• The two-step process for creating a fictional world can be found there. The Oresteia, for starters, connects itself with a well-known genre or subgenre: tragedy. Second, it invents a brand-new rule: flowing action.
  • Following Aeschylus’s invention of tragedy with his jumping signal lights, subsequent Greek scriptwriters followed the same two-step procedure to invent their own new tragedies.

Because of the immense success of this two-step process, it has been used in every Oscar-winning tragic script ever written in Hollywood. Take, for example, the script for Citizen Kane, arguably Hollywood’s greatest famous tragedy.

The first scene of Citizen Kane introduces a “huge castle,” similar to the enormous castles walking by the Oresteia’s opening watchmen. And, like the Oresteia, Kane’s fictional world reflects previous misdeeds in the present, as Kane senior’s propensity to sacrifice family for money is repeated in his son’s devastation of his own connections.

Citizen Kane (1941)

The introduction of Kane, however, provides its own twist to this pre-existing story world by showing that Kane’s castle varies from the castles of prior tragic dramas in one essential manner. Kane’s castle hasn’t been passed down down the generations. Instead, Kane’s castle was built from the ground up in a single generation by one man.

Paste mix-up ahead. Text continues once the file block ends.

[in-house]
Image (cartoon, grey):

The Kane script explains that the story world’s new law will be that individuals can gain great power that propels them beyond being kings and into godhood, allowing them to unleash magnificent, ego forms of destruction. Their money liberates their deepest passions, which, unfortunately, return to destroy them.

Comparing Oresteia with Citizen Kane which is directed by Orson Welles is a perfect know-how example of How to write a tragic film story?

In a tragedy, the main character, as well as those close to him or her, nearly always perish. This character MUST be pitiful with some defect that makes him fall, such as anger or pride, and that, finally, ends up turning him into a tragic hero who goes from a good fortune to a bad one that usually ends in death. Tragedies are, as the name implies, tragic. A good tragedy will cause the audience to cry and achieve cleansing at the conclusion.

How to write a tragic film story?

Read and preserve

Read some of your favorite tragedies from the past. Shakespeare, Euripides, and other classical authors will assist you in getting started, so don’t attempt anything unless you’re joined by them. Instead of starting to write out of nowhere, experience the sadness. As most tragedies follow the same basic line and the same principles (according to Aristotle) ​​it is good that you take notes while you read. Keep an eye out for: